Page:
Spatially resolved spectroscopy identifies toxic potatoes

May 2, 2017
A new spectroscopy technique from the University of Brussels weeds out toxic potatoes before they are cooked.

A new spectroscopy technique developed by Lien Smeesters in the B-PHOT Brussels Photonics Team at the University of Brussels (Brussels, Belgium), in collaboration with Tomra Sorting Solutions (Asker, Norway), uses a laser sensor and scans peeled potatoes, weeding out food that may cause high levels of the toxic chemical acrylamide.

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Earlier this year, the Food Standards Agency (FSA) issued warnings about eating over-fried potatoes, burnt toast, and crisps (potato chips) that can contain cancer-causing chemicals such as acrylamide, deeming them a serious health threat to billions of consumers. At present, raw potatoes that produce an excess of the carcinogenic chemical acrylamide cannot be detected in a fast, sensitive, and non-destructive way.

The system works by scanning the 'free falling' food items, such as potatoes, from both the front and back with a laser within a spatially resolved spectroscopy instrument--a non-invasive imaging technique using infrared light. When the laser beam hits a potato, part of the light will be internally scatted during interaction with the tissue. A bad potato produces a deviating internal scattering signal, owing to the high acrylamide precursors, and therefore the system can recognize a 'fingerprint' of the undesirable food.

This unwanted food item is spotted in mid-air as it begins to fall. Selected by the internal processor, the potato is then 'knocked out' of the batch by being blasted with a stream of air and into a reject bin before it hits the conveyor belt below. Smeesters explains, "Not all potatoes result in excessive acrylamide formation during frying. We have sought to spot the undesirable potatoes when they are in their raw, peeled stage. After scanning with laser beams, the good potatoes will emit a different light signal than the unsuited ones leading to an unambiguous detection."

Having filed a patent describing the use of this detection method, the laser scanner will be integrated into one of Tomra's industrial in-line sorting machines, detecting and discarding food items that may contain excessive acrylamide precursors. Several tons of products could be examined per hour to look for these carcinogenic compounds without using dyes or chemical additives, and without damaging or even touching the food.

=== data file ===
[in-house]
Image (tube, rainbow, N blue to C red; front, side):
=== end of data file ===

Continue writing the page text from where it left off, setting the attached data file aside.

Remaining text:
The driving force behind the detection method is Lien Smeesters, 28, a post-doctoral researcher at the University in Brussels in the B-PHOT Brussels Photonics Team and recent winner of the Student Innovation Award at the Photonics Public Private Partnership Annual Meeting.

Smeesters' development comes at a time where tougher acrylamide regulation has been called for by the sustainability group Changing Markets Foundation as well as the recent Go for Gold campaign by the Food Standards Agency, helping people understand how to minimize exposure to acrylamide when cooking at home.

Smeesters adds, "Although we are a long way off this yet, the miniaturization of the technology would enable a compact potato quality test tool in your home. A hand-held device indicating whether a potato would be unsuited for frying could reduce our exposure to acrylamide … One day we envisage a world where toxic French fries will be a thing of the past!"

SOURCE: Photonics PPP press release and B-PHOT;

About the Author

Gail Overton | Senior Editor (2004-2020)

Gail has more than 30 years of engineering, marketing, product management, and editorial experience in the photonics and optical communications industry. Before joining the staff at Laser Focus World in 2004, she held many product management and product marketing roles in the fiber-optics industry, most notably at Hughes (El Segundo, CA), GTE Labs (Waltham, MA), Corning (Corning, NY), Photon Kinetics (Beaverton, OR), and Newport Corporation (Irvine, CA). During her marketing career, Gail published articles in WDM Solutions and Sensors magazine and traveled internationally to conduct product and sales training. Gail received her BS degree in physics, with an emphasis in optics, from San Diego State University in San Diego, CA in May 1986.

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